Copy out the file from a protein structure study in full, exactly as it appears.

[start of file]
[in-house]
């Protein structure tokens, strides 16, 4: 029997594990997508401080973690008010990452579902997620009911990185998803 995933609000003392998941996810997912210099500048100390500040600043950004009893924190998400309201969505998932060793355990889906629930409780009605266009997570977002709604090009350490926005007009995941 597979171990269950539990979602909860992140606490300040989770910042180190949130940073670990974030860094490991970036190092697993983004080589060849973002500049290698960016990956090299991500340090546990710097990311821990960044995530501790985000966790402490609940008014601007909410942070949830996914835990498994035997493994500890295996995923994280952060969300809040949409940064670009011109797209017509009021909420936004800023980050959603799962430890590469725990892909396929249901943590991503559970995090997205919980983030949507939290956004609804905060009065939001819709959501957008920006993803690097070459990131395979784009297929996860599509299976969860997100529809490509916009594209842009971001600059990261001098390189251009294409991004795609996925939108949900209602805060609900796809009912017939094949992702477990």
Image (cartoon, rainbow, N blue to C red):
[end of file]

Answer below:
[in-house]
């Protein structure tokens, strides 16, 4: 029997594990997508401080973690008010990452579902997620009911990185998803 995933609000003392998941996810997912210099500048100390500040600043950004009893924190998400309201969505998932060793355990889906629930409780009605266009997570977002709604090009350490926005007009995941 597979171990269950539990979602909860992140606490300040989770910042180190949130940073670990974030860094490991970036190092697993983004080589060849973002500049290698960016990956090299991500340090546990710097990311821990960044995530501790985000966790402490609940008014601007909410942070949830996914835990498994035997493994500890295996995923994280952060969300809040949409940064670009011109797209017509009021909420936004800023980050959603799962430890590469725990892909396929249901943590991503559970995090997205919980983030949507939290956004609804905060009065939001819709959501957008920006993803690097070459990131395979784009297929996860599509299976969860997100529809490509916009594209842009971001600059990261001098390189251009294409991004795609996925939108949900209602805060609900796809009912017939094949992702477990």
Image (cartoon, rainbow, N blue to C red):